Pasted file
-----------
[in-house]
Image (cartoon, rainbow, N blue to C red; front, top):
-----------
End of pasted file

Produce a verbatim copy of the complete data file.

[in-house]
Image (cartoon, rainbow, N blue to C red; front, top):